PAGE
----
Commenting on Liszt's arrangements of Schubert's Lieder, Robert Schumann wrote: "[they] have found a great deal of interest among the public. Performed by Liszt, they are said to be of great effect, and those who are not masters of the piano will try to play them to no avail. They are perhaps the most difficult works that exist for piano, and a witty person said, 'if one arranges a simplified version of them, and would be so curious to see how it would turn out, would it be the original version by Schubert?' Sometimes not: Liszt has made changes and additions; the way he has done it testifies to the powerful nature of his play, his conception; others may think differently. It boils down to the old question whether the performing artist may place himself above the creative artist, whether he may reshape the latter's works at will for himself. The answer is easy: we laugh at a fool if he does it badly, we allow a witty one if he does not downright destroy the meaning of the original. In the school of piano playing, this kind of arrangement marks a special chapter."[27]

For solo violin (Ernst)Edit

External audio
For solo violin
  by Ernst, performed by Gidon Kremer
  by Ernst, performed by Vilde Frang

Heinrich Wilhelm Ernst composed his Grand Caprice for solo violin on "Erlkönig" (German: Grand Caprice für Violine allein), Op. 26, in 1854, in what represents the "pinnacle of violin technique".[28] The work is characterized by its highly polyphonic nature, the solo violin having to perform the Erlkönig, the father, and the child in their different vocal colorations, but also the complete piano accompaniment at the same time.[29] This is accomplished through the use of double, triple and quadruple stops, artificial harmonics and left-hand pizzicato.

For voice and orchestraEdit

External audio
For voice and orchestra
  by Berlioz, performed by Stanislas de Barbeyrac with the Insula Orchestra under Laurence Equilbey
  by Liszt, performed by Michael Volle with the Munich Radio Orchestra under Ralf Weikert
  by Reger, performed by Thomas Quasthoff with the Chamber Orchestra of Europe under Claudio Abbado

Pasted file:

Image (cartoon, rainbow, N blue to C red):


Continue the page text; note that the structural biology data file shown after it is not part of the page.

In 1846, during a visit to Prague, Berlioz witnessed a new musical rendition of Goethe's "Erlkönig" by Czech composer Václav Tomášek. As recalled by Berlioz in his memoirs, the two composers were soon drawn into an argument comparing Tomášek's composition to Schubert's: "Someone (for there are people who find fault with everything) drew a comparison between the accompaniment of this piece and that of Schubert's ballad, in which the furious gallop of the horse is reproduced, and declared that M. Tomášek had mimicked the placid gait of a priest's nag. An intelligent critic, however, more capable than his neighbours of judging of the philosophy of art, annihilated this irony, and replied with great good sense: 'It is just because Schubert made that unlucky horse gallop so wildly that it has foundered, and is now forced to go at a foot pace.'"[30]

When Gustave-Hippolyte Roger asked him to orchestrate Schubert's work for a performance in Baden-Baden in 1860, Berlioz was too willing, as he felt that Schubert's piano accompaniment was essentially orchestral in nature. The arrangement was premiered at Baden-Baden on 27 August 1860, and was published in Paris the same year. Berlioz's biographer Jacques Barzun wrote of the arrangement: "From the finely wrought and polished score no one could suspect anything of the anxiety, illness, or conflicts in his heart and soul. It is delicate, poignant, full of insight into Schubert's masterpiece – a compendium of art concealing itself."[31]

Berlioz's arrangement is scored for two flutes, oboe, English horn, two clarinets, two bassoons, three horns, two trumpets, timpani, strings, and solo voice.


During his later Weimar years, with many of his major works having been published, Liszt turned his attention to orchestral transcriptions. On Johann von Herbeck's request, who was the conductor of the Vienna Philharmonic, Liszt produced transcriptions of Schubert's marches. With his orchestration of the Reitermarsch (S. 363/3) have been a success, he decided to orchestrate six Lieder: "Die junge Nonne", "Gretchen am Spinnrade", "Lied der Mignon", "Erlkönig", "Der Doppelgänger", and "Abschied". Of these, which were completed in 1860, only the first four would be published in 1863 as Four Songs by Franz Schubert (S. 375). Ben Arnold notes the irony that Berlioz's arrangement, his only transcription of a Schubert song, was written in the same year.[32]